Learning a new language often involves as much forgetting or letting go as it does memorizing new words and creating new patterns of speech. On a recent trip to Mexico, I had a chance to renew my Spanish language studies. As I did, I noticed how my mid-life brain struggled to remember and retrieve unfamiliar words, and the surprising things it would do to meet the new demands. As a practitioner of human systems dynamics, I pondered what this experience could teach me about the role of difference in pattern formation. This blog explores some of my reflection.

Riding my bike down the dusty, bumpy road to Spanish class, I start composing my reply to the greeting I’m sure to get when I arrive: “Como éstas Laura?”  I’m working on advancing from “Yo estoy consado” or “I’m tired”  (which is how I feel after climbing the last hill before I get to the school) to adding details about what I’ve seen on my way to school, or weaving in one or two new words I just learned. I so want to share these observations, to more deeply connect with my friendly, kind, and thoughtful teachers…and it takes a lot of work. My expressions are limited by the small number of verbs I know, mostly in the present tense. I’m a very long way from being eloquent in Spanish, but it’s a start.

One of the persistent and disruptive challenges I seem to have when I’ve got a gap in a sentence I’m forming, is that my mind often offers up French before it retrieves the Spanish. French is the only other non-English language that I’ve really studied; my last class being over thirty years ago. Why would my brain pull first from something I learned so very long ago?

This seems to happen whenever I restart my Spanish after a break. My brain seems to go first to this English/non-English distinction, lumping together all the non-English words I know in one bucket. With work and practice, the Spanish eventually becomes more dominant, progressing to the point that when I actually try a French phrase, the Spanish word comes first! In some sense this is progress, but it still isn’t exactly right. I’d rather my brain notice the differences among the languages faster—and give me the words I want in the language I need.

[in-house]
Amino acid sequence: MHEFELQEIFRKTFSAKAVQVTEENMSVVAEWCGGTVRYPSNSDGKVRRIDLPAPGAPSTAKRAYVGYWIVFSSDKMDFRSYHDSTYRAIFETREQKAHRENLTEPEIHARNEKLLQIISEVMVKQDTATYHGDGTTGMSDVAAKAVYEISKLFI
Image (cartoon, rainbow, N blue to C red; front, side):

I’ve been reflecting, of late, on this reflexive sorting into familiar/unfamiliar and how powerfully it may keep me from seeing the interesting, curious, and generative differences among what’s less familiar to me. For example, one of my classmates in my Zumba class confided in me that the dancing helps her reconnect her mind and body as she continues a long recovery from a terrible car accident. Her experience sparked her interest in developing a class that would be friendly and accessible to anyone however differently abled they are. It’s not what I was thinking when I was striving to get the moves right. What a gift to see the class through the differences she was noting, and hear her vision for what was possible.

In all the ways that I may be part of a dominant, mainstream experience—like being able-bodied, white, middle-class, U.S. citizen—my privilege masks differences that I might otherwise be compelled to notice. While those categories, those labels, do not fully capture my complexity—they do capture some of the dominant patterns that shape my life. 

To be clear, I am grateful to my brain for recognizing patterns; for not noticing every distinction surrounding me at every moment of every day. To do otherwise would be immobilizing. At the same time, being conscious of the process of pattern recognition does allow me to notice which differences I’m tracking.

In human systems dynamics, thinking about differences is one of the three key parts of Pattern Logic. This is the process that I use to move beyond my reflexive sorting to consider other differences that could shape what I’m encountering.

I realize now that entertaining (or wrestling with) some of these differences beyond my first reflexive choice is the path to shifting my language patterns and likely any other pattern I want to shift as well. When I dive through the surface of the first set of differences that seem to matter, new worlds emerge. Even with language, I think about the concepts with no direct translation from one language to another. There are some ideas and concepts that another language captures beautifully, that my native language does not. That recognition alone hints at worlds left to explore.

This is the kind of discovery that makes me love human systems dynamics. The possibilities are always beckoning. Our discovery is never over. Nothing is intractable.

Where are you seeking to create or influence new patterns? What differences have you found grip you tightly, and which ones give way to new sets of difference that seem to have more potency, or maybe more room for curiosity? What tension propels you to do this kind of exploring?

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